Abatacept is a promising tool to expand access to HCT, significantly improves survival in 7-8 MMUD HCT
Patients treated with abatacept in combination with the current standard of care (SOC) for acute graft-versus-host disease (aGVHD) prophylaxis after mismatched unrelated donor (7/8 MMUD) allogeneic hematopoietic stem cell transplantation (HCT) had significantly better survival outcomes. These results presented at the 63rd American Society of Hematology (ASH) Annual Meeting and Exposition show abatacept as another promising GVHD prevention strategy that could expand the use of MMUD HCT.
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aGVHD is the most common cause of early non-relapse mortality following allogeneic HCT. Abatacept, a drug used to treat rheumatoid arthritis, blocks a signal that activates donor immune cells limiting their ability to cause aGVHD. A previous study reported 73.6% overall survival (OS) at 2 years in recipients of a 7/8 HLA-matched unrelated donor (7/8 MMUD) HCT following treatment with abatacept + SOC for aGVHD prevention (calcineurin inhibitor [CNI] + methotrexate [MTX] without [−] antithymocyte globulin [ATG]), compared with 45.3% in a SOC treatment cohort of matched controls from the Center for International Blood and Marrow Transplant Research (CIBMTR). The aim of this real-world analysis was to further evaluate the impact of abatacept on survival of 7/8 MMUD HCT recipients from the CIBMTR database of all allogeneic HCTs performed in the U.S. in recent years.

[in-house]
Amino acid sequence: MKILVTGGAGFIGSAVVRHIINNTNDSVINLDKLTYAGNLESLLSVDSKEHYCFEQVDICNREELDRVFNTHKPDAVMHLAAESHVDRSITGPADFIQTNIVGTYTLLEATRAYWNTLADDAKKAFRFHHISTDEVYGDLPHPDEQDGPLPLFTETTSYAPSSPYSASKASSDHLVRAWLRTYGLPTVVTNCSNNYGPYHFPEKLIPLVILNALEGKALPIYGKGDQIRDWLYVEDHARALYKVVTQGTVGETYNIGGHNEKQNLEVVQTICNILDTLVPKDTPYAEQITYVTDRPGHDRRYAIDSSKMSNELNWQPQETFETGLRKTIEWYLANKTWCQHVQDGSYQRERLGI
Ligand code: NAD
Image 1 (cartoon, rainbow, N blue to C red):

Patients 6 years of age or older with leukemia, lymphoma, or myelodysplastic syndrome (MDS) whose first allogeneic HCT was with a 7/8 MMUD between 2011 and 2018 were included in this study. Patients were treated with SOC aGVHD prophylaxis (CNI + MTX − ATG) with or without abatacept. Exploratory analyses of OS were also evaluated in 7/8 MMUD HCT recipients treated with abatacept + CNI + MTX (without ATG) versus CNI + MTX + ATG, and versus those treated with post-transplant cyclophosphamide-based GVHD prophylaxis.
OS rates at day 180 post-transplant were 98% for patients treated with abatacept + SOC compared to 75% for those treated with SOC only. The exploratory analysis showed that patients who were treated with abatacept + SOC did better than those treated with SOC alone (either CNI + MTX + ATG or post-transplant cyclophosphamide). Patients treated with abatacept had significantly better OS at day 180 compared with patients treated with only SOC.
Researchers concluded that abatacept has the potential to be another promising GVHD prevention tool that could expand use of MMUD transplants. Now the only FDA approved drug for GVHD prevention as of January 21, 2022, practice change could be warranted.
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